FIFA football

FIFA Orange Cards Are Excuse, Not Solution

7:46 PMAleks Vee

by Aleks V

Before you touch that rulebook...

When you have yellow and red, do you really need orange? You can ask that question to an artist. Or you can ask FIFA presidential hopeful Jerome Champagne, who spurred a giant debate on introducing orange cards to football for infractions that would deserve more than a yellow, but less than a sending-off. Orange cards would confine players to a "sin-bin", akin to a penalty in hockey - the offending player would sit out of the game for a certain interval of time.

But football isn't hockey.

If you keep changing the rules, are you improving the sport, or creating a new one? The same question gets asked when goal-line technology and other unconventional additions enter the field. There's logical reasoning behind GLT, though: we've seen some questionable goals over the years, and no matter how good your eyesight is, it's not always easy to tell whether the ball crossed the line.

Challenges are easier to spot, especially when there is more than one referee on the pitch. Law 6 of the Laws of the Game gives the assistant referees the right to advise the head official on any infractions that he may not have seen. When it comes to fouls, three sets of eyes, two kinds of cards and verbal reprimands is more than enough.

For many, changing the basic rules of the game would be like changing the U.S. Constitution. Regardless of the good intent, most will be against it, or for a more gradual, well thought-out change. People are reluctant to see the law amended because of the need to feel united under a common set of timeless principles. Legality and morality don't always intersect, but one thing they have in common is the desire for stability and consensus. Seeing the law as malleable would disturb that stability, causing many to question whether there is such a thing as justice at all, and that never leads to any good. If good even exists.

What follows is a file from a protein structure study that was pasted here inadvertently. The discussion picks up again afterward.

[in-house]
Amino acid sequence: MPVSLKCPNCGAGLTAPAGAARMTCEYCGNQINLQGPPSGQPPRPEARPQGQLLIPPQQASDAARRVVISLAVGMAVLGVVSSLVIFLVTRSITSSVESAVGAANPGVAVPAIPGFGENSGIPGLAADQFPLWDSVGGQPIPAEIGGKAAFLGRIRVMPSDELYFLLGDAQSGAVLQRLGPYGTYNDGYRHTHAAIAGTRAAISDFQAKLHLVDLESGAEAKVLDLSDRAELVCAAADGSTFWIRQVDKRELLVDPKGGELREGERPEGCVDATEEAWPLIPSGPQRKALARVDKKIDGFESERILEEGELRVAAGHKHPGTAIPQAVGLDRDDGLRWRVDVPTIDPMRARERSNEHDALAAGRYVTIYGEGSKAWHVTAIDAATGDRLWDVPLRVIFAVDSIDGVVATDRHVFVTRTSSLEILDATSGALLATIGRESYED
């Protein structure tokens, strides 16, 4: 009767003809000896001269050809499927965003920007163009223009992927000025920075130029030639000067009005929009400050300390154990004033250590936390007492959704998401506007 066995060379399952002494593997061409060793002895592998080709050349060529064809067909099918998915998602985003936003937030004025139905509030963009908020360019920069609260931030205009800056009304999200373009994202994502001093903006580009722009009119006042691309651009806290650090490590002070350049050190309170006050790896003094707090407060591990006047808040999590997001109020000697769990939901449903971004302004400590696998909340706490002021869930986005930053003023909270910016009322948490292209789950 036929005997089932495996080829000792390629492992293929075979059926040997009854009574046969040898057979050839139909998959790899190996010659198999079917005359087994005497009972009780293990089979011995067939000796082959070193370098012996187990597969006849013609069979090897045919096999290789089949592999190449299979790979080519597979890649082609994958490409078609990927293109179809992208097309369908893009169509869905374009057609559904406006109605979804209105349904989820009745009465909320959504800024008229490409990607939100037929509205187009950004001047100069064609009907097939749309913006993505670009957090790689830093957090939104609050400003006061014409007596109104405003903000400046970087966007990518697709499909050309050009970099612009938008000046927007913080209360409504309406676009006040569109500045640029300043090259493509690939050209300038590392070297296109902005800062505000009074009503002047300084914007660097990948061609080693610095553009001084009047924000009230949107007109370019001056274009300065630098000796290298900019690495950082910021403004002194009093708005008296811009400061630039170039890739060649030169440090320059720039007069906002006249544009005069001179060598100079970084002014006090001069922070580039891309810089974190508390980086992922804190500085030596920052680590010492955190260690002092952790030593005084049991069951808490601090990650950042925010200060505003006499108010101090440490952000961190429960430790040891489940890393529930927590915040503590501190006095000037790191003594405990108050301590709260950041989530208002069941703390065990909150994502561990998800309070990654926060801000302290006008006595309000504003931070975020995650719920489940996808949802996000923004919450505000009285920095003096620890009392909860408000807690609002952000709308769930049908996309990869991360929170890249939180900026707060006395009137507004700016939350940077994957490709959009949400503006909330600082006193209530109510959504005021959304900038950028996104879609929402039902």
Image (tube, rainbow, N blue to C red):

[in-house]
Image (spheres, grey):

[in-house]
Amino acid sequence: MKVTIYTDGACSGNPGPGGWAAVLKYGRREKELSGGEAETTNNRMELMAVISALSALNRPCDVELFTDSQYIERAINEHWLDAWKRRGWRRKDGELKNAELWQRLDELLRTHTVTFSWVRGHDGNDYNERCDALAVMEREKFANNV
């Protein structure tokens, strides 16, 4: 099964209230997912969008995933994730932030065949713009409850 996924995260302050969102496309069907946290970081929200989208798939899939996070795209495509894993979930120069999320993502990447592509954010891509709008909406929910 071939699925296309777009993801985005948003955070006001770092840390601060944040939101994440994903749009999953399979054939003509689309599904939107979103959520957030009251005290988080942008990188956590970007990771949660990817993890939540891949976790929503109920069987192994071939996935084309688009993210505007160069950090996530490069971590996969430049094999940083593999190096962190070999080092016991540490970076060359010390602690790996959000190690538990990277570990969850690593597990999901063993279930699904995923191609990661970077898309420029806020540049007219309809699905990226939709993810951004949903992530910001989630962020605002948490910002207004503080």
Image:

Trying to find the middle ground for punishment on the pitch sounds positive at first, but there may be a good reason change is slow. Sometimes the best way to avoid solving problems is to add more pages to the rulebook. Here's another thought: Instead of trying to change the rules, train referees to better enforce them. If they can't master already-existing principles, who's to say new rules would guarantee fairer decisions? Before we introduce anything new, let's talk about improving what we already have.

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